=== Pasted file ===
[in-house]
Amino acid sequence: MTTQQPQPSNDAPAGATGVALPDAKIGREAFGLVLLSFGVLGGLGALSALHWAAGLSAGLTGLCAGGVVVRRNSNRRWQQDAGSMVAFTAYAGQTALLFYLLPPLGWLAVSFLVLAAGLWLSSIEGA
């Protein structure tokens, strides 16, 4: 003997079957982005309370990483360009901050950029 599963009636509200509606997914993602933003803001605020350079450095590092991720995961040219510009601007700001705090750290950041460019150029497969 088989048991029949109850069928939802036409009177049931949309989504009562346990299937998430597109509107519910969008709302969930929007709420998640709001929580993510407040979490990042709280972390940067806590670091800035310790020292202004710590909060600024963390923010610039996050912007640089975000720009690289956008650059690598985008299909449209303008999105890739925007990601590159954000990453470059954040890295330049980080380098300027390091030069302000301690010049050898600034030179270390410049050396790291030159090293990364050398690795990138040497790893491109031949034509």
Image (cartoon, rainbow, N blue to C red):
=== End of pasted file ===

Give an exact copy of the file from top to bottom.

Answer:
[in-house]
Amino acid sequence: MTTQQPQPSNDAPAGATGVALPDAKIGREAFGLVLLSFGVLGGLGALSALHWAAGLSAGLTGLCAGGVVVRRNSNRRWQQDAGSMVAFTAYAGQTALLFYLLPPLGWLAVSFLVLAAGLWLSSIEGA
């Protein structure tokens, strides 16, 4: 003997079957982005309370990483360009901050950029 599963009636509200509606997914993602933003803001605020350079450095590092991720995961040219510009601007700001705090750290950041460019150029497969 088989048991029949109850069928939802036409009177049931949309989504009562346990299937998430597109509107519910969008709302969930929007709420998640709001929580993510407040979490990042709280972390940067806590670091800035310790020292202004710590909060600024963390923010610039996050912007640089975000720009690289956008650059690598985008299909449209303008999105890739925007990601590159954000990453470059954040890295330049980080380098300027390091030069302000301690010049050898600034030179270390410049050396790291030159090293990364050398690795990138040497790893491109031949034509």
Image (cartoon, rainbow, N blue to C red):